In the face of suffering, sickness, and death, it’s natural to look for a cause. Why is this happening to us? We want to figure out who or what is responsible so that we can understand how to make things right. We are not unique in this regard. Humans, from the dawn of their existence, have sought to make sense of the world and do whatever they could to control it. But is this how the world works?
Christianity did not spread because of its message; it spread because of what Christians did.
An old girlfriend once told me that the groom was just “a prop” at the wedding. In the nativity story, Joseph comes across as a prop. Yet, there is much more to his story if we look carefully at the text.
How could anyone defend a religion that would sanction the Crusades? How could Christians engage in such activities? Did the Crusades permanently damage Christian witness in the Middle East? As with most things in the Middle East, it’s complicated.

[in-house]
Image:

Why take a Biblical study trip to Israel? Because context matters.
Join me next June to experience the Land of the Bible. It will forever change how you read the Text.
If you were asked to summarize the Good News of Jesus in one word, what would it be? For me, I think “love” would be at the top of my list. Words like victory, resurrection, and restoration would also be pretty high on the list.
The early church summarized the Gospel message with a much different word: suffering.
The amazing message Jesus has for the Samaritan woman is “I already know who you are…and I still want that drink!” That is the Gospel of Jesus in a nutshell. As God’s people, we are called to live out the Gospel in the same way.
The river of bad blood between Jews and Samaritans ran wide and deep. Yet, there was one event that was the straw that broke the camel’s back.
So what caused the bad blood between the Jews and Samaritans? Who’s to blame?
As with most things in Israel, it’s complicated.
If you read the Bible—especially the New Testament—it’s pretty easy to come away with a bad impression of Samaritans. In fact, most of us would probably rank the Samaritans just slightly better than the Pharisees when it comes “disliked” groups of people in the Gospels.
Yet, are these portrayals accurate? The short answer is, not exactly.